Campaigners have branded the UK badger cull an “unacceptable burden” on the taxpayer after new figures released by Defra revealed nearly £16.8 million of public money has been spent on the cull so far.

According to a Freedom of Information request from the Badger Trust, the total costs of the cull, including policing and postponement costs, amount to £16,777,000 – the equivalent of £6,775 per badger killed.

But the National Farmers Union has defended the cull, pointing out the cost of bovine tuberculosis could hit £1 billion over the next decade if no action is taken.

Badger Trust CEO Dominic Dyer said it was unacceptable the taxpayer was footing the bill for the cull, which he described as a “disastrous failure on scientific and animal welfare grounds”.

“When the policy was developed in 2011 the government claimed it would be a farmer-led initiative, paid for by farmers. In reality it’s the taxpayer who is footing the bill and these costs will continue to rise rapidly as the policy is extended into Dorset, and possibly other counties in the future.”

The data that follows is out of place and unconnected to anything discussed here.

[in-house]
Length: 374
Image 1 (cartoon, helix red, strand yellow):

He warned if the badger cull were rolled out to over 40 areas in England as originally planned, the costs could “easily exceed half a billion pounds”.

Badger Trust chairman Peter Martin claimed Defra’s own data had demonstrated that even in TB hotspot areas, 85% of badgers will not have the disease and 98% pose no risk to cattle.

“Killing badgers that don’t have TB cannot possibly help the situation for farmers or for cows,” he said. “This indiscriminate slaughter is not only irrational but hugely wasteful of public money at a time when key services are being axed, including 40% cuts at Defra.”

The Badger Trust has called for the cull to be scrapped in favour of improved testing and movement controls in cattle, which has been successful in Wales, and vaccination of badgers.

However, an NFU spokesman defended the culls, pointing out bovine TB will cost the taxpayer £1 billion over the next decade if nothing is done to tackle it.

“We believe the current comprehensive 25-year TB eradication strategy should be implemented in full as quickly as possible because it offers the best chance of wiping this disease out by dealing with it on all fronts, including the reservoir of disease in badgers which must be tackled if we are ever going to stop reinfection occurring,” he said.

He stressed that the cull operations were funded by farmers and landowners, and pointed out that a “significant” proportion of the costs to the taxpayer was the cost of policing, which was only necessary because of “unlawful acts” committed by campaigners attempting to stop the cull.